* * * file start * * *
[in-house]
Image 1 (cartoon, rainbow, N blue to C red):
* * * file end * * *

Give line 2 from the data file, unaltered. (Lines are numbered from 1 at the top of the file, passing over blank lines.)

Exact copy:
Image 1 (cartoon, rainbow, N blue to C red):